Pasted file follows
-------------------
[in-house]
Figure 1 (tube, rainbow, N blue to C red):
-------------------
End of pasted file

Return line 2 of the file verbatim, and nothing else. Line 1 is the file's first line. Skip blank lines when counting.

Figure 1 (tube, rainbow, N blue to C red):